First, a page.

Rotary tools are incredibly versatile – you can use them to cut, sand, carve, polish, drill and more.
This guide will help you understand how they are powered, and the surfaces where they work best.
All rotary tools do essentially the same thing, but there are some differences between heavy-duty and lightweight models.
Heavy-duty rotary tools are:
- Also known as cutout tools or spiral saws
- Intended for professional tasks
- Slightly larger and heavier
- Don’t come with as many accessories as smaller rotary tools
Smaller, lightweight rotary tools are:
- Perfect for crafting, woodworking and fine detail work
- Preferred by most DIYers
- Available with lots of accessories and attachments
- Used in place of a wide range of tools
The following chart lists a range of tasks you can complete with a rotary tool.
Rotary Tools Can
- Cast iron
- Glass (clear and stained)
- Hardened steel
- Semiprecious stones
- Soft metals
- Terra cotta
- Woods (hard and soft)
- Carve wood
- Clean copper
- Clean lug threads
- Cut a hole for an electrical box
- Cut a rusted toilet bolt
- Cut conduit
- Cut gutters
- Deburr pipe
- Drill drain hole in flower pot
- Drill holes
- Etch glass
- Polish cabinet hardware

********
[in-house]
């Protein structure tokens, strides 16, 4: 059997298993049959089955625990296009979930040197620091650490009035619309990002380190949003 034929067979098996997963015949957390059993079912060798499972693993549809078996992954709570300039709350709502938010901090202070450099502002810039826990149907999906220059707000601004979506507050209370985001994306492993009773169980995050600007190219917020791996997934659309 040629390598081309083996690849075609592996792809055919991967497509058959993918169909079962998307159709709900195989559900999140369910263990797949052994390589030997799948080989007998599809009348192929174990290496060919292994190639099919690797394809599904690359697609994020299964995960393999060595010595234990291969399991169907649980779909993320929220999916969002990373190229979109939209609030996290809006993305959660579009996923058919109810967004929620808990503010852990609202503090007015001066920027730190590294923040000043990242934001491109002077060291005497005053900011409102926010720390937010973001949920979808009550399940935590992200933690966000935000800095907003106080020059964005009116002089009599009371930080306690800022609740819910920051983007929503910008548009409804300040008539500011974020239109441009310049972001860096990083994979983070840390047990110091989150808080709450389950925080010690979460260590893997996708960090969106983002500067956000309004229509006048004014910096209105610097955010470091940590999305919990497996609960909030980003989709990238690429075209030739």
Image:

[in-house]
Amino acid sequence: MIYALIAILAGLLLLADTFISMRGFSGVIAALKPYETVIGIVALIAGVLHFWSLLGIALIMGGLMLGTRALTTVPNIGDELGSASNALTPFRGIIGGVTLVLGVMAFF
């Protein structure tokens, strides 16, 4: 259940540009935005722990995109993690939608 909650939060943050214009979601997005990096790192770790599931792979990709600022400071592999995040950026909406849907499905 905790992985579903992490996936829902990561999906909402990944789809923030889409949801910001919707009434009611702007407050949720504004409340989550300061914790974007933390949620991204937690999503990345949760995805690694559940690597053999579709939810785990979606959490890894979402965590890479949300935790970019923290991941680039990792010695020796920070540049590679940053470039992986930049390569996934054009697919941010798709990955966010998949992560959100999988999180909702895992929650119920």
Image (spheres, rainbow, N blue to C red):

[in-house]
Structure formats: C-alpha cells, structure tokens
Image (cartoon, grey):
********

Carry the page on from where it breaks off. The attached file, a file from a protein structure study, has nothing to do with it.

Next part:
- Remove exhaust pipe clamps
- Remove rust and grout
- Repair drywall
- Repair siding
- Re-slot a screw
- Sand/trim door for proper fit
- Shape and fit tile
- Sharpen a mower blade
- Sharpen chain saw
- Square off a screwdriver
- Work with plastics and acrylics
Rotary tools are powered by an electric motor, compressed motor or gasoline engine. And the materials they can be used on -- wood, metal, ceramic and plastic surfaces – vary as widely as the tool’s speed and features.
Rotary tools are available in both corded and cordless models. Cordless tools offer portability, but corded tools have an unlimited power supply and are often lightweight.
Higher power usually results in more weight and larger body.
Power ratings range from 1 to 5.5 amps for corded models, and 4.8 volts to 18 volts for cordless models.
Consider a higher voltage model if you work with your rotary tool for long periods.
Speed and Bit Size
A rotary tool can range in speed from 5,000 to 15,000 rpm (cordless) or 5,000 to 35,000 rpm (corded).
Wider speed range and more settings will make your rotary tool more versatile.
The collet or chuck determines the size of the bit shank that your rotary can accept.
A collet/chuck can be adapted to hold smaller bit shanks, but it cannot be adapted to hold larger ones.
Attachments are usually intended for use only on certain brands or models.
Bits are often interchangeable as long as they’re the right shank size.
Specialized rotary tools have few accessories and attachments.
A flex shaft delivers control and maneuverability for fine detail work.
Easy bit change: Tool systems that are easy to operate bit changes.
Comfortable grip: Maximize maneuverability, control and comfort during use.
Replaceable motor brushes: Extends the life of the tool and protects the motor by allowing you to change the brushes when they’re worn.